and the holy garments for Aaron the priest; the breastplate, ephod, and robe, the broidered coat, mitre, and girdle, Exodus 28:4.

and the garments of his sons to minister in the priest's office; the bonnets, coats, girdles, and breeches, Exodus 28:40.

And the cloths of service, and the holy garments for Aaron the priest, and the garments of his sons, to minister in the priest's office,
10. the garments of plaited (?) work] in the Heb. a peculiar expression, of most uncertain meaning, not found before, but recurring (with the addition, ‘for ministering in the holy place’) in Exodus 35:19, Exodus 39:1; Exodus 39:41†. No root שרד occurs in Heb.: in post-Bibl. Hebrew and Aramaic (see NHWB. iii. 587b) derivatives mean a plaited basket, a sieve, a grating before an oven; Onk. also uses sârâdâ for a grating in Exodus 27:4, and for a hanging in Exodus 27:9, &c.: hence, if the word is correctly handed down,—and it occurs four times,—it can, with our present knowledge, be only explained to mean something of the nature of plaited work. The reference is evidently to the artistically woven garments of the priests (ch. 28). The ‘and’ before ‘the holy garments’ is better omitted, as in Exodus 35:19, and (in the Heb.) Exodus 39:41 : the garments in question were the ‘holy’ ones. LXX. (στολαὶ λειτουργικαί), Pesh. Targ. render garments of ministry (cf. RVm.); either treating שרד, very improbably, as though it were the same as שרת, or finding שרת four times in their MSS. for שרד,—a not less improbable alternative. ‘Finely wrought’ (RV.) yields an excellent sense; but unfortunately has no philological justification.Verse 10. The cloths of service. Rather "the vestments of office' - i.e., the distinguishing vestments of the High Priest, which he alone was allowed to wear. These were the blue robe, the ephod, the girdle of the ephod, and the breast-plate (Exodus 28:6-35). The holy garments. The rest of the High Priest's dress - i.e., the linen drawers, the diapered tunic, the inner girdle and the mitre (ib, 39, 43; Leviticus 16:4), which constituted his whole apparel on the great day of atonement. The garments of his sons - i.e, the linen drawers, tunics, girdles, and caps, mentioned in Exodus 28:40, 42.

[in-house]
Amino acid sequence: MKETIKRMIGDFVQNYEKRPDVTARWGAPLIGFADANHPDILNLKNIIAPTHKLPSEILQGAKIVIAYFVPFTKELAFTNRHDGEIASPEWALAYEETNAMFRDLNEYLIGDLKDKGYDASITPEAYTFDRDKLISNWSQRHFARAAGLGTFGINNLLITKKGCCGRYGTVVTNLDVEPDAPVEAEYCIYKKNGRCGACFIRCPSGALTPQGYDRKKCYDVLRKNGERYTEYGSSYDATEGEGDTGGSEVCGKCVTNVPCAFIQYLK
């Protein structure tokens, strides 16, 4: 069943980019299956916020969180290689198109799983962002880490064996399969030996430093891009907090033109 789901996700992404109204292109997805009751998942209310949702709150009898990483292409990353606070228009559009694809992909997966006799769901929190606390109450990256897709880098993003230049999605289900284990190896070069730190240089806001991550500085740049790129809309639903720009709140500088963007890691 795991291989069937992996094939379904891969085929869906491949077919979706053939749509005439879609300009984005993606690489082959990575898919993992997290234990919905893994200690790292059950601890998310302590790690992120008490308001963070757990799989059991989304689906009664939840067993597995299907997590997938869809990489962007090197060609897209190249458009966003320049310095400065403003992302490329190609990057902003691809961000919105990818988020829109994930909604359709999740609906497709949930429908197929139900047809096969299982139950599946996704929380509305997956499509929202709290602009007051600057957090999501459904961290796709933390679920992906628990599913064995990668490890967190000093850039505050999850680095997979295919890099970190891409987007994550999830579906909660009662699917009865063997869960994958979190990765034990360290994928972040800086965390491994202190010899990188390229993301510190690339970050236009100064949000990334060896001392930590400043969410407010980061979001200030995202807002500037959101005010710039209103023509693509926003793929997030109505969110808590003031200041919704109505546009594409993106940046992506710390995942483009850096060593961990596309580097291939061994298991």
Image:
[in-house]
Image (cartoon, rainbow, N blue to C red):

CHAPTER 31:12-17 The Builders (cf. Exodus 35:30-36:1). - After having given directions for the construction of the sanctuary, and all the things required for the worship, Jehovah pointed out the builders, whom He had called to carry out the work, and had filled with His Spirit for that purpose. To "call by name" is to choose or appoint by name for a particular work (cf. Isaiah 45:3-4). Bezaleel was a grandson of Hur, of the tribe of Judah, who is mentioned in Exodus 17:10; Exodus 24:14, and was called to be the master-builder, to superintend the whole of the building and carry out the artistic work; consequently he is not only invariably mentioned first (Exodus 35:30; Exodus 36:1-2), but in the accounts of the execution of the separate portions he is mentioned alone (Exodus 37:1; Exodus 38:22). Filling with the Spirit of God signifies the communication of an extraordinary and supernatural endowment and qualification, "in wisdom," etc., i.e., consisting of wisdom, understanding, knowledge, and every kind of workmanship, that is to say, for the performance of every kind of work. This did not preclude either natural capacity or acquired skill, but rather presupposed them; for in Exodus 31:6 it is expressly stated in relation to his assistants, that God had put wisdom into all that were wise-hearted (see at Exodus 28:3). Being thus endowed with a supernaturally exalted gift, Bezaleel was qualified "to think out inventions," i.e., ideas or artistic designs. Although everything had been minutely described by Jehovah, designs and plans were still needed in carrying out the work, so that the result should correspond to the divine instructions.